Call for Abstracts

Submissions are welcome from all disciplines. Abstracts may be submitted for Interactive Workshops, Proffered Papers, Research Forum Papers or Posters. A description of each type of presentation can be found below.

Only two abstracts submitted by the same first author is permitted.

Abstract Submission Deadlines

Workshops

January 24, 2020

Proffered Papers

January 24, 2020

Research Forum Papers

January 24, 2020

Posters

May 31, 2020 at 8 PM Eastern Daylight Time (EDT)




PRESENTATION TYPES:

Interactive Workshop
  • a 45 minute in-depth, interactive session given by one or more presenters (a maximum of 4 names will be listed in the program) Priority will be given to proposals that encourage audience participation and debate.


Proffered Paper
  • a 15 minute presentation (and 5 minute question period), or 20 minute presentation (and 10 minute question period) by a single presenter, grouped with others on a similar topic.


Research Forum Paper
  • a 10 minute presentation of a research project or study that will be combined with two other papers in an hour-long Research Forum session with a discussant to comment on the papers presented.
    Nine top submissions describing research and submitted as Proffered Papers will be selected for 10-minute presentation in a Research Forum.  Each Forum will include three such presentations followed by a commentary by a discussant and 15 minutes of questions and comments from the audience. Should your abstract describe a research project or study (with results) and should you wish to be considered for a Research Forum, please select Proffered Paper AND click in the appropriate box. Should your abstract NOT be accepted for the Research Forum, it will still be considered for a regular 15-minute proffered paper oral presentation.


Poster
  • a visual presentation describing a project or activity related to Palliative Care. Posters must be designed to fit the predetermined guidelines.  They are mounted on the first day of the Congress and taken down on the final day.  As much as possible, authors are expected to be present with their poster during breaks to answer questions from participants.  No audiovisual support is provided for poster presentations.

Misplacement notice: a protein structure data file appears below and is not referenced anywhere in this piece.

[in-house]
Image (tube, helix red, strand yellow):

Suggestions for Preparing Your Abstract:

  • Keep the abstract under 300 words.
  • Make the abstract as informative as possible.
  • The use of tables, graphs and other types of images in the abstract is not permitted.
  • Use generic drug names.
  • The use of abbreviations is permissible provided that the term is spelled out in full the first time it appears, with the abbreviation shown in parentheses following the term.
  • Do not put the title or the text of your abstract all in caps.
  • Do not identify author(s) or institution(s) in text.
  • Proofread your abstract carefully.


For scientific studies, research or research-based projects:

  • Organize the body of the abstract as follows:
    (a) objectives, (b) methods, (c) results, (d) conclusions.
  • Conclusions must be supported by data.


For workshops, it is helpful to include:

  • Learning objectives
  • Format (length of presentation vs interactivity, type of interactivity, number of presenters)
  • Key source material
  • Target audience.








Abstract Categories include:

  • Acute and Critical Care
  • Aging / Geriatrics
  • The Arts and Arts-based Therapies
  • Bereavement, Loss, Grief
  • Clinical Nutrition at the End of Life
  • Communication
  • Community-based Palliative Care & Home Care
  • Compassionate Communities
  • Complementary Therapies / New Natural Analgesics
  • Education, Training and Supervision
  • End-of-Life Issues for People with Disabilities (mental or physical)
  • Ethical issues
  • Family and Informal Caregivers
  • HIV/AIDS
  • Humanitarian Crises (Palliative Care during)
  • Indigenous Health
  • Innovative Technology
  • Interprofessional Collaborative Practice
  • Leadership, Program Development and Evaluation
  • LGBTQ2+ Community
  • Long-term Care (Palliative Care in)
  • Low- and Middle-Income Countries (Palliative Care in)
  • Methodological Issues in Research and Quality Improvement
  • Neuropalliative Care
  • Non-cancer Care
  • Nursing Issues
  • Gastronomy at the End of Life
  • Pain and Symptom Management
  • Psychosocial Interventions and Issues
  • Public Health Initiatives and Policy Development
  • Self-care and Wellness
  • Social, Cultural and Political Issues
  • Spirituality
  • Suffering, Healing and Whole Person Care
  • Survivorship
  • Underserved Populations
  • Young Adults
  • Volunteers
  • Other